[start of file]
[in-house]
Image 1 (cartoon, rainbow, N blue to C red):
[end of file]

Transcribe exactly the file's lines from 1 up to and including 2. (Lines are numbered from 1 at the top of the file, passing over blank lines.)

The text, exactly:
[in-house]
Image 1 (cartoon, rainbow, N blue to C red):